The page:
Donald Trump is expected to push the international community to embrace Washington’s hardline approach towards Tehran during a rare address at the UN Security Council – but the open-ended agenda leaves room for surprises.
The US president will chair a meeting of the 15-member council, which focuses on global security issues, a day after speaking before the United Nations General Assembly, where he accused Iran of spreading “chaos, death and destruction” throughout the Middle East. The United States this month holds the presidency of the Security Council, giving Trump unfettered access to the esteemed international body – and another chance to rail against Iran.
Usually the chair speaks last at council meetings, but the US leader, apparently not a believer in saving the best for last, has chosen to be the first to speak before the chamber. His remarks will be followed by addresses from French President Emmanuel Macron and British Prime Minister Theresa May.
Trump’s address will mark only the third time in history that a US president has chaired a Security Council meeting – but it’s likely the first time that a former reality television star has held the gavel.
An ambiguous agenda
Trump tweeted last week that he would “chair the United Nations Security Council meeting on Iran,” but the agenda circulated to Security Council members does not single out Iran or any other country.
I will Chair the United Nations Security Council meeting on Iran next week!
— Donald J. Trump (@realDonaldTrump) September 21, 2018
“The purpose of this meeting is to discuss ways the Security Council can better enforce the resolutions it has adopted… to counter the spread and use of the world’s most dangerous weapons,” it reads.
Trump may use the opportunity to drum up support for US sanctions imposed on Tehran after Washington unilaterally withdrew from the 2015 nuclear deal. The accord’s remaining signatories are currently developing a payment system that would allow trade and business ventures with Iran to continue. Four of the five remaining signatories to the deal – Britain, China, France and Russia – are permanent members of the Security Council.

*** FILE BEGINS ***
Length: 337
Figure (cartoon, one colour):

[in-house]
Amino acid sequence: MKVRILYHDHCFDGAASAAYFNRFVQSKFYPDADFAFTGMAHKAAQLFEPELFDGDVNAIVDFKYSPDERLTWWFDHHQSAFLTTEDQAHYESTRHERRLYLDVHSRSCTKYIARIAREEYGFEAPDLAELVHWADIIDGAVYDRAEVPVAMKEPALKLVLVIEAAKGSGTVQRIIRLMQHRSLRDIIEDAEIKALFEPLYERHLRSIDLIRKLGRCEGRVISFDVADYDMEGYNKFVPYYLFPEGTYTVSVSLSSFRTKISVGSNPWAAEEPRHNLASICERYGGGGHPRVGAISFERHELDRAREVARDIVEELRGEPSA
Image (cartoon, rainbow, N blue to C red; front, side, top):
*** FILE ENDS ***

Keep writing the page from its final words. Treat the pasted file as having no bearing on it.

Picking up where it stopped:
However, the expanded scope of the meeting has led to speculation that Trump may also touch upon alleged chemical weapon attacks in Syria. The United States has been warning for weeks that it would hold Damascus responsible for any chemical attacks carried out in Idlib province, the last stronghold of Al-Qaeda-affiliated jihadists in Syria, and that such an attack would prompt a military response.
Media reports have mused that North Korea and the Salisbury poisoning saga could also be agenda items.
Obama secured binding resolutions both times he chaired the UN Security Council. It’s far from clear the Trump administration has done the same legwork ahead of Trump’s inaugural turn on Wednesday. He and his advisors still can’t agree on the topic. https://t.co/7LxkeUnB6D
— Ned Price (@nedprice) September 24, 2018
Whatever topics are brought up, it’s unclear how much Trump will be able to achieve as guest chair. Commentators have argued that his performance is unlikely to result in anything concrete. US envoy to the UN Nikki Haley has stated that there are currently no plans to adopt a resolution at Wednesday’s meeting.
Most-watched Security Council?
Trump’s General Assembly speech made headlines – and inspired viral videos – after the diplomat-filled audience was heard laughing at the US president’s boast-filled address. But should we expect the same kind of bravado and theatrics during the Security Council meeting?
Haley seems to think so, telling reporters that she was “sure” that Trump’s presence will make the session the “most-watched Security Council meeting ever.”
Not everyone is expecting fireworks, however. “I don’t think we will see any major intrigue in what he will say,” Russia’s UN Ambassador Vassily Nebenzia told Reuters.
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